Switch 76, being closed, applies a voltage to either multivibrator 78 or 80 and the proper pulse timing is selected by switch '81. The signal at switch 81, FIG. 6(a), is applied to preset counters 82 and 84, and to flip-flop circuit 83. Since switch 86 is connected to contact 4, the output of preset counter 82 is not connected with the system in this operating mode. The operating mode is initiated by operating push button 85 which connects voltage source 87 to flip-flop 83 during the time button 85 is depressed, as shown in FIG. 6(b). This pulse sets circuit 83. A subsequent signal over lead 89 from switch 81 then results in circuit 83 generating a voltage level shift output which is applied through switch 86 to univibrator 88. Thus, the hammer is not operated directly by the push button 85 but this circuit arrangement allows the hammer to be synchronized with the signal which drives the preset counter 84. Output 92 of univibrator 88 operates relay driver 96 which energizes the hammer to knock off a mercury drop from the dropping electrode 46 of cell 42, as explained above. Circuits 84, 100, 114, 116, 118, @124, 128, 130, 13-8, 140 and 142 operate in the same manner as desmribed above, the output signals being shown, respectively, in FIGS. 4(i) through (s). In this sequence, however, which is similar to that described with respect to FIG. 4, circuit 118 is not connected through switch 119 to relay driver 120, and the output of circuit 134 is not connected through switch 135- to lead 37. Thus, no pulse is superimposed upon the ramp voltage in this mode of operation. The output of circuit 142 is not connected through switch .147 to relay driver 148, but is connected to flip-flop 110.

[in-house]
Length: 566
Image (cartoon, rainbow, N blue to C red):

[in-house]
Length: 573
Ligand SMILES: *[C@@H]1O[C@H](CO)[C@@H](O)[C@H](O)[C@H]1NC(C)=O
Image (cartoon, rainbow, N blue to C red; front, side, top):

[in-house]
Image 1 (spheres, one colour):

The output of reset generator 94 is connected by lead 93 to delay circuit 102 which generates a signal on lead 108 as shown in FIG. 6(f). The signal on lead 108 will cause flip-flop 110 to generate a voltage level shift which is connected through contact 4 of switch 147 to relay driver 1-48 to close relay 150. The output signal on lead 144 from bistable 142, generated in response to the sequence of signals shown in FIGS. 4(i) through (s), will reset flip-flop 110 and remove the voltage signal from relay driver 148 so that relay 150 will open, as shown in FIG. 6(g).